A total of 10 animals with representative clinical signs observed in different age groups in farm A were selected by the veterinarian and euthanased for postmortem examination as specified below. Three 18-week-old pigs that were in the hospital pen due to losing body condition showed interstitial pneumonia, valvular endocarditis with dilated hearts and enlarged joints with turbid fluid at necropsy. Four 22-week-old pigs, from a pen with severe lameness in 8 per cent of the pigs, showed turbid joint liquid in several articulations but had no cardiac lesions. E rhusiopathiae was isolated on several occasions from the spleen, heart and joint swabs from the affected animals aged 18–22 weeks in farm A (Fig 1). Additionally, three small pigs aged 6–10 weeks showed necrotic colitis without pulmonary or heart lesions, and Salmonella enterica serovar Typhimurium was isolated from caecum swabs from these animals. This finding was unrelated to the E rhusiopathiae cases described in the pigs aged 18– 22 weeks. The S Typhimurium could have contributed to an overall immunocompromised condition of the pig herd.

The E rhusiopathiae isolates were serotyped as previously described.2 Serotype 15 was identified on three different occasions (Fig 1). After initial onset of clinical signs, medicated feed containing 44 ppm lincomycin, 44 ppm spectinomycin and 1250–2500 ppm zinc oxide was administered to the farm A pigs aged 4–7 weeks. In addition, amoxicillin was administered via the drinking water at eight weeks of age. At the same time, the breeding herd moved to a different vaccine supplier/vaccine product and now used a commercial E rhusiopathiae serotypes 1 and 2-based bacterin (Eryseng Parvo, Hipra, Spain) in gilts and sows according to the manufacturer’s instructions. Because of lack of clinical improvement, 14-week-old farm A pigs started to be medicated with penicillin via feed at a concentration of 200 ppm in December 2015 (Fig 1). Skin lesions typical of pig erysipelas were first observed in January 2016 in a few pigs at which time off-label vaccination with Eryseng was initiated in pigs aged 8–10 weeks with revaccination 2 weeks later. However, no obvious impact of the intervention strategies was observed.

In December 2015, 25 serum samples were collected from poor-doing farm A pigs aged 6–22 weeks. Ten serum samples were obtained from farm B pigs aged 17–22 weeks in March 2016 for comparison purposes. Serum samples were tested for the presence of antibodies against E rhusiopathiae surface protective antigen (Spa)A by an in-house fluorescent microsphere immunoassay.13 The positive cut-off was established at a mean fluorescence intensity value of 1800. On the clinically affected farm A, seropositive animals were first detected at 14 weeks of age and the mean anti-E rhusiopathiae antibody levels increased with age, being higher in pigs aged 18–22 weeks (Fig 2). In contrast, healthy pigs from farm B aged 17–20 weeks , which received piglets from the same breeding herd as farm A and operated in an all-in-all-out system, were negative for anti-E rhusiopathiae antibodies (Fig 2).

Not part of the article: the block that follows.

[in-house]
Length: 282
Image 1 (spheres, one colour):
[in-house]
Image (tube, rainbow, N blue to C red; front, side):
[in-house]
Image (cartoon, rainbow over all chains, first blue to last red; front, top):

Fig 2:

Antibodies against E rhusiopathiae SpaA were measured in serum samples obtained in December 2016 before implementation of E rhusiopathiae vaccination in growing pigs, from pigs of different ages from the clinically affected farm A and the unaffected farm B. Clinical signs were seen in pigs between 14 and 22 weeks of age and included discoloration of the ears and lameness (red box). The dashed line indicates the assay cut-off.

The recurring E rhusiopathiae outbreaks on vaccinated farm A could indicate issues with vaccine handling and administration or vaccine failure. E rhusiopathiae strains express Spa, classified in SpaA or SpaB based on phylogenetic analysis, which are associated with protection.14 In mouse challenge studies, recombinant Spa protected against virulent E rhusiopathiae strains containing the homologous Spa but protection varied against strains possessing a heterologous Spa.14 15 Serotypes 1 and 2 (present in vaccines) and serotype 15 (field isolate) all contain SpaA (data not shown) and cross-protection should have occurred. Vaccination with E rhusiopathiae serotype 2 provided protection against serotype 15 challenge in mice and pigs.16 Recent studies have also shown that commercially available vaccines protected mice and pigs against challenge with highly pathogenic serotype 1a and untypeable strains containing mutations in the spa region.11 However, most cross-protection studies evaluate only short-term protection and acute erysipelas and the conclusions may not always be applicable for long-term protection and/or chronic erysipelas.17 The breeding herd was vaccinated against E rhusiopathiae on a regular basis. A change of the vaccine type/supplier had no effect on the clinical outcomes in farm A pigs.